The custom of eating pork on New Year's is based on the idea that pigs symbolize progress. The animal pushes forward, rooting itself in the ground before moving. Roast suckling pig is served for New Year's in Cuba, Spain, Portugal, Hungary, and Austria—Austrians are also known to decorate the table with miniature pigs made of marzipan. Different pork dishes such as pig's feet are enjoyed in Sweden while Germans feast on roast pork and sausages. Pork is also consumed in Italy and the United States, where thanks to its rich fat content, it signifies wealth and prosperity.
Well I'm not into any particular tradition other than my Mom always made pork for New Years Day and my first and late mother-in-law always made the best Pork Sauerkraut and Dumplings for the occasion. So I just make whatever comes to mind that is centered around pork.
The dish I ended up with was something I would have not minded paying $25+ for in a restaurant. It was way better than just OK. It was spectacular!!
As it happened, I had two thick cut sirloin chops in the freezer. So last night I thawed them knowing that I'd make them on New Year's Day. At first I thought I'd put them into the small crock pot with a bottle of some craft beer that has been in the refrigerator too long and make some pulled pork. But when I opened the package, I realized that the chops were just too nice to put them in a crock pot. As soon as I picked them up out of the package, I thought these are so nice and thick they deserve to be stuffed with something. So I started searching around for what I have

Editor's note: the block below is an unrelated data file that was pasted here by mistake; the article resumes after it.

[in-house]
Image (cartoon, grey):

Lundburg Wild Rice - dried cranberries, dried prunes, lot of herbs and spices, sweet wine. So I set to making Wild Rice Stuffed Pork Chops with Herbed Pan Sauce. There is no recipe - just kept adding things until I thought it was good. Here is how I made it.
I cooked 1/2 c of the rice with just a little salt. When the rice was finished I added a few chopped dried prunes and a handful of dried cranberries. I stuffed that into the pockets I cut into the thick pork chops that I rubbed lightly with minced garlic and salted liberally.
The stuffed pork chops went into a hot cast iron skillet for about 5 minute to brown the bottom then into a 325 oven for about 15 minutes to finish cooking them. Out of the oven they came and since they weren't quite brown enough on the bottom even though they were done, I turned on a burner on the top of the stove and browned them a little more very quickly. Maybe just two or three minutes. Out they came onto a platter.
Into the hot skillet went about 3/4 c of pink Moscato. I don't like to drink this wine as it's too sweet for me, but I had a bottle so thought I'd use it to deglaze the pan. (good idea!). I scraped the bottom of the pan of all the brown bits and let the wine reduce. I added some dried thyme, dried shallots, dried garlic, a little liquid smoke, a little chicken base, and a big knob of butter at the end. I let this all reduce until it was thickened a bit and then just spooned it over the chops.
Wow. I hope I can duplicate this. And if pork is supposed to bring you good luck on New Year's Day, I'm hoping this one will work!!That was worthy of the time I spent cooking it!!! The sauce was to die for!